On Nutrition: Weight loss gummies a sticky situation

Corryne P. writes: “I am inquiring about the fat busting products such as keto gummies, GOLO release, Nutrisystem shakes and others. Do they really work? I know people who have tried them but when they stop, the weight returns. How do they work on the body?”

Another reader asks: “Could you please explain the craze going on with Apple Cider Vinegar gummies? A celebrity has come out showing a huge weight loss. A friend ordered these expensive supplements and didn’t lose an ounce. There is so much on the internet and I don’t know what to believe.”

You’re not alone. We’d all love to find an effortless way to lose weight. Reminds me of an ad I saw years ago that poked fun at the weight loss industry. “I lost 200 dollars in one month! Ask me how!”

Most of these products work because they come with a low-calorie plan. And they encourage physical exercise. Nutrisystem, for example, suggests you drink one of their shakes (150 calories, 13 grams of protein) to replace one meal a day. So if I drink that instead of my usual high calorie meal, I should lose weight … or not, depending on what I eat the rest of day.

GOLO Release supplements contain magnesium, zinc and chromium in about the same amount as my daily multivitamin. They also contain herbal extracts such as rhodiola; the U.S. Office of Dietary Supplements (ODS) says it “does not have enough evidence from studies in people to allow conclusions to be reached about whether rhodiola is helpful for any health-related use.”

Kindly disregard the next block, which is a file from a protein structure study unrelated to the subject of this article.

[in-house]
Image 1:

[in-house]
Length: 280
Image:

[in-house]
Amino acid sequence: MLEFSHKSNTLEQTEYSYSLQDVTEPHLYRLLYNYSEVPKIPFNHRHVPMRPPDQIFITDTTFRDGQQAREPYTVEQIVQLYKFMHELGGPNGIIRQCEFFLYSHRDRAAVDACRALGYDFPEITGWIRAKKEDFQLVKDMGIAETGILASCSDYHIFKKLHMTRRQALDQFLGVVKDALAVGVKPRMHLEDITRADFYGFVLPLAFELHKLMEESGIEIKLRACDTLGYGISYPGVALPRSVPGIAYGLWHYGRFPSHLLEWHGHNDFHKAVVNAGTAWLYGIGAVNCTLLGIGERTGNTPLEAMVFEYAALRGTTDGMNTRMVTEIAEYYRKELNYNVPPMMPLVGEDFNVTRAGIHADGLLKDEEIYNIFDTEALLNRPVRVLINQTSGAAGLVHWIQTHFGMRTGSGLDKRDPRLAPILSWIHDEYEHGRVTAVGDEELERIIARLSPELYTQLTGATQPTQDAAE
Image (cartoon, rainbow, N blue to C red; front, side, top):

This supplement also contains inositol. There is some evidence that inositol may help curb insulin resistance — a condition that makes weight loss more difficult. However, a 2022 review of 35 studies of women with insulin resistance in Gynecological Endocrinology found that, compared to the use of a prescribed medication for this condition, “it is not clear whether inositol usage is adequate.”

Another ingredient is berberine, which the ODS states could possibly be effective for blood pressure and cholesterol. This comes with some major warnings, however, related to serious side effects if you take this supplement with certain prescription medications.

As for apple cider vinegar (the liquid), a review of human and animal studies on its effect on weight was reported in a 2020 issue of the European Journal of Nutrition. These reseachers concluded there is not enough reliable evidence to stake a claim on its effectiveness. Yet there is some evidence that apple cider vinegar is probably more effective than a gummy supplement.

And the celebrity who showed a huge weight loss? I’m assuming you mean Kelly Clarkson, who indeed has slimmed down. I even found a “news” report in which she shows off her new figure while holding a bottle of apple cider vinegar gummies.

Fact checkers at several news outlets have since reported that this endorsement was not real, but an alteration of a video Clarkson made to promote her music album. And her publicist notified the media that her client “does not have any affiliation as a spokesperson” for any “weight loss products/programs.”

So how did she lose the weight? In a January 2024 article in People magazine, Clarkson said simply, “I dropped weight because I’ve been listening to my doctor — a couple (of) years I didn’t.” It must have worked.

Barbara Quinn-Intermill is a registered dietitian and certified diabetes educator affiliated with Community Hospital of the Monterey Peninsula. She is the author of “Quinn-Essential Nutrition” (Westbow Press, 2015). Email her at to [email protected].